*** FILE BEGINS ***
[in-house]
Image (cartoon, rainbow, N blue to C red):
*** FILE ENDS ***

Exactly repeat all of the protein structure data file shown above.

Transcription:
[in-house]
Image (cartoon, rainbow, N blue to C red):